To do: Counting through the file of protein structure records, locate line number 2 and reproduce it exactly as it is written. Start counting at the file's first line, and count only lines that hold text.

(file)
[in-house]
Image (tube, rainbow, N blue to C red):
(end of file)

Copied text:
Image (tube, rainbow, N blue to C red):